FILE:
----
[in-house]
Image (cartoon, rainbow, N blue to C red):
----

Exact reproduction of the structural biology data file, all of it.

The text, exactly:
[in-house]
Image (cartoon, rainbow, N blue to C red):